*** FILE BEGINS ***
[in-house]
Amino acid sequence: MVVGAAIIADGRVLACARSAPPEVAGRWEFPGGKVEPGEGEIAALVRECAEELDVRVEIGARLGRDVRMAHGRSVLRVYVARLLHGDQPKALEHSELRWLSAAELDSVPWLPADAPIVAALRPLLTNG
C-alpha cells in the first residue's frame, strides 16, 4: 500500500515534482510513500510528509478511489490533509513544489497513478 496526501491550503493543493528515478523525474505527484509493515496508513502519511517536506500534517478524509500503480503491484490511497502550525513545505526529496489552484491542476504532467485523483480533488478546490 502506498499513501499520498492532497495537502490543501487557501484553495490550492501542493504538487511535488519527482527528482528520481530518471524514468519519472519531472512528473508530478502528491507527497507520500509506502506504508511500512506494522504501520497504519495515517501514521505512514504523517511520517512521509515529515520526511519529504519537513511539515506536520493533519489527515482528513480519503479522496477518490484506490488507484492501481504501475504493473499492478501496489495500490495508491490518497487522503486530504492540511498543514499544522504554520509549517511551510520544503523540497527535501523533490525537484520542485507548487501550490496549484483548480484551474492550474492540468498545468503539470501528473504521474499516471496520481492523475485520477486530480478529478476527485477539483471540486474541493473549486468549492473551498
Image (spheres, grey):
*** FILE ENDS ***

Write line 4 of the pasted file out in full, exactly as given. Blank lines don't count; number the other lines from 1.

Image (spheres, grey):